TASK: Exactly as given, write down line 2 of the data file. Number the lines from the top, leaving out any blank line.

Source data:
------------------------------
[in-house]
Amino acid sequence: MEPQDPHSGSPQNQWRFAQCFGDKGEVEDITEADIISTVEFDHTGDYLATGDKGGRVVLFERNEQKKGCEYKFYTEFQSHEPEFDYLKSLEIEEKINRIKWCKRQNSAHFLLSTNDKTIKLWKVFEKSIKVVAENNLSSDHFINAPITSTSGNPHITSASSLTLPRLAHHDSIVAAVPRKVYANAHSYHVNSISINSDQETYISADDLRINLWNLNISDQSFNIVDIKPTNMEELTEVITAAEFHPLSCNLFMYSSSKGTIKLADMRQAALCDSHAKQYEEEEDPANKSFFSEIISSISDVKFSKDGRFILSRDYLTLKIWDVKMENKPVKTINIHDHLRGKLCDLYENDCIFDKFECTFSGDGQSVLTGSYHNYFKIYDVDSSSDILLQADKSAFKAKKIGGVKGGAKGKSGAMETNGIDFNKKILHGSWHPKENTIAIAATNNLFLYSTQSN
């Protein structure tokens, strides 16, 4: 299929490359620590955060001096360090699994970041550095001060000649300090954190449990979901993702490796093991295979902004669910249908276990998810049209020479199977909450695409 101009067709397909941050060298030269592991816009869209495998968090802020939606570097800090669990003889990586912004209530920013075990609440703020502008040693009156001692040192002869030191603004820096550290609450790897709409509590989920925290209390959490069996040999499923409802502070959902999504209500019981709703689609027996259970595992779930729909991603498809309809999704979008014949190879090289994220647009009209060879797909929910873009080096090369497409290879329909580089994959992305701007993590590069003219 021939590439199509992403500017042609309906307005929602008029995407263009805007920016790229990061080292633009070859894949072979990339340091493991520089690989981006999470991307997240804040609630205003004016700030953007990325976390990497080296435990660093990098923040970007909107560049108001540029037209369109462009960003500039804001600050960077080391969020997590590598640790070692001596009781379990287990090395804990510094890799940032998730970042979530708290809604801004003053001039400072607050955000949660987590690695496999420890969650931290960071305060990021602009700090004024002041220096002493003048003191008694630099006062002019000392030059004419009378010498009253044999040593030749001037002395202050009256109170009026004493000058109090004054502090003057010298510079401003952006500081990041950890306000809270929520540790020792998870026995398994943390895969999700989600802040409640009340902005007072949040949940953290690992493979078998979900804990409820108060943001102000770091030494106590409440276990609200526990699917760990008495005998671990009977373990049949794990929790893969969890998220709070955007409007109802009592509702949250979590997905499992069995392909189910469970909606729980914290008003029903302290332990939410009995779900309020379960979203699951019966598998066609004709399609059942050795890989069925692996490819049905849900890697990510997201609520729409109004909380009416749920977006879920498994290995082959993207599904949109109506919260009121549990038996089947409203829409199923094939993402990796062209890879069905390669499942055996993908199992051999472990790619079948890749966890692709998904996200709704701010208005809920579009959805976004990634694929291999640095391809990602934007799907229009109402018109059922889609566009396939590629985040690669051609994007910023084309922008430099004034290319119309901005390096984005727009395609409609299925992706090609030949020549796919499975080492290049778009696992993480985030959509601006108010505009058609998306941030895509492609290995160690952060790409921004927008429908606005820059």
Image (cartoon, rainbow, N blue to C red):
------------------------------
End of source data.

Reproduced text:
Amino acid sequence: MEPQDPHSGSPQNQWRFAQCFGDKGEVEDITEADIISTVEFDHTGDYLATGDKGGRVVLFERNEQKKGCEYKFYTEFQSHEPEFDYLKSLEIEEKINRIKWCKRQNSAHFLLSTNDKTIKLWKVFEKSIKVVAENNLSSDHFINAPITSTSGNPHITSASSLTLPRLAHHDSIVAAVPRKVYANAHSYHVNSISINSDQETYISADDLRINLWNLNISDQSFNIVDIKPTNMEELTEVITAAEFHPLSCNLFMYSSSKGTIKLADMRQAALCDSHAKQYEEEEDPANKSFFSEIISSISDVKFSKDGRFILSRDYLTLKIWDVKMENKPVKTINIHDHLRGKLCDLYENDCIFDKFECTFSGDGQSVLTGSYHNYFKIYDVDSSSDILLQADKSAFKAKKIGGVKGGAKGKSGAMETNGIDFNKKILHGSWHPKENTIAIAATNNLFLYSTQSN